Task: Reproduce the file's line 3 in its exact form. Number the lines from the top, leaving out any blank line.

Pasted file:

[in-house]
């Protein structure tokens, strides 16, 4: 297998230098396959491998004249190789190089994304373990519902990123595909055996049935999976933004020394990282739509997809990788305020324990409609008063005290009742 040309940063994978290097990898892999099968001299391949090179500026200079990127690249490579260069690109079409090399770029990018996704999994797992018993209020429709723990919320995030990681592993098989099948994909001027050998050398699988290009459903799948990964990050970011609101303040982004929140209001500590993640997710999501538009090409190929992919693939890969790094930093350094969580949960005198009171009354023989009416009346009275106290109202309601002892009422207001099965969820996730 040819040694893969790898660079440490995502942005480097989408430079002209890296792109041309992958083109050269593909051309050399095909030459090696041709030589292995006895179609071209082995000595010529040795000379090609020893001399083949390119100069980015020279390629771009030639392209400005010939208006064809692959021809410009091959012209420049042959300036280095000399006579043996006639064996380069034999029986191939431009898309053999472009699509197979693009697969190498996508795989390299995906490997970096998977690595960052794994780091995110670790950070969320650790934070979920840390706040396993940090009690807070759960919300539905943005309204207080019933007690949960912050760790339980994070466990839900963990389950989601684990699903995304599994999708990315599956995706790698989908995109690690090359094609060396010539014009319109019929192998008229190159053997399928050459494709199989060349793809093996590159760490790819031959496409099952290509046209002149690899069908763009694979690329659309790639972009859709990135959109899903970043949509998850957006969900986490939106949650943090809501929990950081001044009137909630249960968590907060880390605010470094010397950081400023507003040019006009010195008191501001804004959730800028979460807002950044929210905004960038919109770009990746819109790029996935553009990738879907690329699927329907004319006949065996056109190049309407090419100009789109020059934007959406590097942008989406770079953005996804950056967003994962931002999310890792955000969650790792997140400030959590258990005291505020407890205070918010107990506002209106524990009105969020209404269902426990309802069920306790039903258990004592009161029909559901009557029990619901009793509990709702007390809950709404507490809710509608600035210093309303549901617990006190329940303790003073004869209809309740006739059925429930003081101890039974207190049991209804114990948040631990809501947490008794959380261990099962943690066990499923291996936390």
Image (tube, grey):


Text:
Image (tube, grey):